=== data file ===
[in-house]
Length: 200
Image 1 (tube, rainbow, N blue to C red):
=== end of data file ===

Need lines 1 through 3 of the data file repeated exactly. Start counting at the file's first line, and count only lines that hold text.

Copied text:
[in-house]
Length: 200
Image 1 (tube, rainbow, N blue to C red):